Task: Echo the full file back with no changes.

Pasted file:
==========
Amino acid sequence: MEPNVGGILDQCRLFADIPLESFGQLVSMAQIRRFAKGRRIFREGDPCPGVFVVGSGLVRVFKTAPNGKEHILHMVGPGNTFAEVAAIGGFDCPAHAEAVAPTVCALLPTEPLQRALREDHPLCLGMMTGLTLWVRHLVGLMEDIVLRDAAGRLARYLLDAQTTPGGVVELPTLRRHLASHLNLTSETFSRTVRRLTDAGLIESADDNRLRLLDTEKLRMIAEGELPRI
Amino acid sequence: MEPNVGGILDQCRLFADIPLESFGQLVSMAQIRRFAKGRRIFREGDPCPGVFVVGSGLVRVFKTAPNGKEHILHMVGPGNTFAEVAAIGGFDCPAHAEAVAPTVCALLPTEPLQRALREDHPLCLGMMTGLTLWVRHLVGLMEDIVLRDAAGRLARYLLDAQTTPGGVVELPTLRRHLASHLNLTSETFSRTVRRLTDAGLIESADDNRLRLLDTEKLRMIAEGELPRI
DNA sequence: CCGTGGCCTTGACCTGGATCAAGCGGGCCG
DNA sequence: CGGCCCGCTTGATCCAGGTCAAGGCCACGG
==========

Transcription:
Amino acid sequence: MEPNVGGILDQCRLFADIPLESFGQLVSMAQIRRFAKGRRIFREGDPCPGVFVVGSGLVRVFKTAPNGKEHILHMVGPGNTFAEVAAIGGFDCPAHAEAVAPTVCALLPTEPLQRALREDHPLCLGMMTGLTLWVRHLVGLMEDIVLRDAAGRLARYLLDAQTTPGGVVELPTLRRHLASHLNLTSETFSRTVRRLTDAGLIESADDNRLRLLDTEKLRMIAEGELPRI
Amino acid sequence: MEPNVGGILDQCRLFADIPLESFGQLVSMAQIRRFAKGRRIFREGDPCPGVFVVGSGLVRVFKTAPNGKEHILHMVGPGNTFAEVAAIGGFDCPAHAEAVAPTVCALLPTEPLQRALREDHPLCLGMMTGLTLWVRHLVGLMEDIVLRDAAGRLARYLLDAQTTPGGVVELPTLRRHLASHLNLTSETFSRTVRRLTDAGLIESADDNRLRLLDTEKLRMIAEGELPRI
DNA sequence: CCGTGGCCTTGACCTGGATCAAGCGGGCCG
DNA sequence: CGGCCCGCTTGATCCAGGTCAAGGCCACGG